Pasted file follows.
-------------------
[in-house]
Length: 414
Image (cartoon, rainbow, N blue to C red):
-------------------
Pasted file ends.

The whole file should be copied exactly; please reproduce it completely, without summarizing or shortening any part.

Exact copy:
[in-house]
Length: 414
Image (cartoon, rainbow, N blue to C red):